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Like many relaunched products, the times are different, and the market is different, so the snack is just not the same. Without the support of a well-known character like Bill Cosby and with parents being worried about the amount of sugar that their kids are consuming each day, fudgesicles and other treats of this ilk are just not as successful as they once were.

For kids from the 80s, when it was not known just how bad excessive amounts of sugar can be for the body, sugary snacks were everywhere. Jell-O Pudding Pops probably seemed like health food compared to the candy bars, sugary drinks, and real sugar products that lined the shelves of stores across the US. Cereal brands and various other companies who made products specifically targeted at kids were forced to change the sugar content of their products in the late 90s, and Jell-O Pudding Pops would have been forced to make the same tough changes if they had still been sold when the crackdown first took place.

While you can’t get a hold of these iconic snacks anymore at the store, there are various copycat recipes that will help you to make your own Jell-O Pudding Pops at home if you wish. You can simply buy some popsicle molds and follow the many different versions of the recipe for this yummy cold treat. There is something that is really fun about making your own popsicles anyway, and lovers of Jell-O Pudding Pops have embraced this new way to enjoy their favorite chocolatey snack from their childhood.

Jell-O Pudding Pops Logo

Jell-O Pudding Pops Ingredients

Many images of the boxes from the original Pudding Pops cartons exist, so we can still see what was in the original product itself. From a listing for a copycat recipe for the pudding-based treat, you can find that the recipe for the original product was:

  • Nonfat milk
  • Sugar
  • Corn syrup
  • Hydrogenated coconut oil
  • Hydrogenated palm oil
  • High fructose corn syrup
  • Cocoa (processed with alkali)
  • Whey
  • Modified food starch
  • Mono & diglycerides
  • Locust bean gum
  • Xantham gum
  • Tricalcium phosphate
  • Natural and artificial flavor
  • Yellow #5
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You can see clearly when you loo kat this recipe why the product was not the same when it was rebranded and sold again in the early 2000s. Like many products that were made with hydrogenated oils and high fructose corn syrup, the crackdown on “healthy” kid’s snacks made these ingredients impossible to use in newer or reimagined products. This often greatly impacts the texture and flavor of treats like this, making them very different when they are made using healthier ingredients.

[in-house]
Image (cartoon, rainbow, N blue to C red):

During the time period when these treats were the most popular, the concept of calorie counting was considered to be more important than the idea of reducing contact with sugars of various kinds. It was the era before the realization that hydrogenated oils and high fructose corn syrup were bad for your health as well. There were many products that were made with these ingredients that were “diet” or “low-calorie” products that were nevertheless not good for your well-being.

During the peak of the popularity of the snack, the company highlighted that there was “25% less sugar” in these pudding pops than in equivalent fruit bars that were on the market. They also made much of the fact that skim milk was used in many of the flavor varieties. These were the things that made parents believe in the healthy nature of this treat, and many kids in the 80s benefitted from the concept that unlimited snacking on certain items was not at all bad for your health.

Jell-O Pudding Pops Nutrition

Serving Size:1 Pop (105g)% Daily Value*
Amount Per Serving
Calories74
Total Fat 3.1g4%
Saturated Fat 1.8g9%
Polyunsaturated Fat 0.2g
Monounsaturated Fat 0.8g
Cholesterol 9.6mg3%
Sodium 102mg4%
Total Carbohydrates 8.4g3%
Dietary Fiber 0.1g0%
Sugars 4.1g
Protein 3.3g
Vitamin D 1.2mcg6%
Calcium 117mg9%
Iron 0.1mg1%
Potassium 147.1mg3%
Caffeine 0.2mg
  • The % Daily Value (DV) tells you how much a nutrient in a serving of food contributes to a daily diet. 2000 calories a day is used for general nutrition advice.

Jell-O Pudding Pops Varieties

  • Chocolate
  • Vanilla
  • Chocolate and Vanilla Swirl
  • Banana
  • Peanut Butter Chocolate

Pictures of Jell-O Pudding Pops

Jell-O Pudding Pops Ads:

A Bill Cosby ad where he appears as an ice cream man:

A kitty cat ad with Bill Cosby:

Please leave a review or any memories of this snack in the comments below. Thank you!